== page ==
House Oversight and Reform committee chairman Darrell Issa (R-Calif.) gaveled a hearing to order on Wednesday in an attempt to separate fact from spin about the security situation in Benghazi.
The attack on the U.S. Consulate was legally an attack on America, and 4 people including our ambassador were murdered. The fact that it came on the anniversary of Sept. 11 raised flags about security protocol.
At one point in the testimony, there was a bombshell disclosing a security threat most Americans didn't know about.
Democrats struggle with necessity for hearing, blame GOP for funding levels
Democrats on the committee appeared to struggle with the necessity for the hearing. One Democrat even mentioned GOP presidential nominee Mitt Romney. Another attempted to blame Republicans, saying they cut the State Dept. budget.
Issa pointed out that the current funding “enjoyed by the State Dept.” drew more support from Democrats than Republicans.
What Issa might also point out is that the State Dept. didn’t appear to have budget constraints. The Department spent $1,000,000 in 2010 to send 15 visual artists to communities for arts projects in other countries. In a previous column, I reported:
NYT [The New York Times] said in 2001 the budget for cultural diplomacy programs was $1.6 million. In 2010 under the Democrat Congress and the Obama administration the budget is $11.75 million. Between 2009 and 2010 NYT said the budget increased 40 percent.
Rep. Dennis Kucinich (D-Ohio) didn’t hold anything back, delivering an anti-interventionist tirade. He said our government caused “a civil war in Libya.” He also said, “Based on verbal threats, we intervened, absent Congressional authority.” Kucinich added, “Because Americans were killed…there has to be accountability. We haven’t heard that yet.”
Confusion still abounds
As members of the committee questioned four individuals, it became apparent there is still confusion within the administration about the events that transpired Sept. 11.
Ambassador Patrick Kennedy, Undersecretary of State for Management, phrased his answers carefully. Asked repeatedly to explain the 5-7 day delay after the event in telling Americans what happened, Kennedy basically said he and UN Ambassador Susan Rice “were relying on the same information…This has been very much an evolving situation.”
Yet when Rice appeared on Sunday talk shows the weekend after the attack, she gave the idea she knew exactly what happened, parroting claims by President Barack Obama’s administration and Sec. of State Hillary Clinton. The Middle East was in meltdown mode because of an amateur film no one really knew about until after the attacks occurred.
However, Charlene Lamb, Deputy Assistant Secretary for International Programs, disclosed she was aware of events in real time, through phone calls and messaging, but she still had no idea the attack wasn’t the product of a protest like that in Egypt.
Missing videotape and a bombshell
Furthermore, there’s a 50-minute video the FBI doesn’t have—and “doesn’t need”—that Issa’s committee hasn’t been able to obtain. All Kennedy would tell Issa is that “another part of the government” has the tape.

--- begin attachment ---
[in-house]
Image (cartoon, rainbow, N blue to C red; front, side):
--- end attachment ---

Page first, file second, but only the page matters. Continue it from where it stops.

Aside from the tape, Issa didn't get a copy of a statement Lamb actually gave to media.
Requests for additional security, even those to maintain previous levels, were denied.
A bombshell dropped when a question arose about the missing shoulder to air missiles that can shoot down civilian airliners. Kennedy had no idea.
Eric Nordstrom, Supervisory Special Agent with the State Dept. Bureau of Diplomatic Security said there are approximately 10-20,000 of those missiles still missing in Libya.
Nordstrom’s request to simply maintain previous levels of security was turned down, but ironically, his pay was increased. The State Dept. classified the increase as “danger pay.”
“We were fighting a losing battle…”
LTC Andrew Wood’s testimony was perhaps the most impressive. A seasoned military man with 24 years of service in Special Forces, Wood was blunt and to the point, noting in a written statement:
While the sound of gunfire in and around Tripoli subsided from February to April the situation remained unstable. Libyans struggled with a Transitional government that hesitated to make decisions and was forced to rely upon local or tribal militias with varying degrees to loyalty. In late spring, Police were allowed to return to work to help with traffic but were limited to that. Fighting between militias was still common when I departed. Some militias appeared to be degenerating into organizations resembling freelance criminal operations. Targeted attacks against westerners were on the increase. In June the Ambassador received a threat on Facebook with a public announcement that he liked to run around the Embassy compound in Tripoli.
Asked about frustration over security resource allocation, Wood told the committee, “We were fighting a losing battle. We couldn’t even keep what we had.”
For Wood, determining what happened in Benghazi was a no-brainer. He told the committee, “It was instantly recognizable to me it was a terrorist attack.”
Three days after the attack on the Consulate in Libya, Taliban in Afghanistan launched an attack on Camp Bastion. One military analyst called it “arguably the worst day in USMC aviation history since Tet in 1968.”
It’s puzzling why the Obama administration intervened in Libya but refrained from providing security assets that were obviously necessary. With the presidential election looming, questions about political decisions at the expense of security will most likely surface in the public arena.
Libya is Obama's war; he didn't seek approval from Congress. Democrats appear reluctant to own it.
(Commentary by Kay B. Day/Oct. 10, 2012)